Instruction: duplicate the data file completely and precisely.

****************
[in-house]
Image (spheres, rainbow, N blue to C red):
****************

[in-house]
Image (spheres, rainbow, N blue to C red):